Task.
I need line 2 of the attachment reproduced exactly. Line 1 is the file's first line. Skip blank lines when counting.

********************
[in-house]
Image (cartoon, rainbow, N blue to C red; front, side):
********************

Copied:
Image (cartoon, rainbow, N blue to C red; front, side):